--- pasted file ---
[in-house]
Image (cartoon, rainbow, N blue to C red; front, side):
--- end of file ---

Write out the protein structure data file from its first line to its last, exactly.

[in-house]
Image (cartoon, rainbow, N blue to C red; front, side):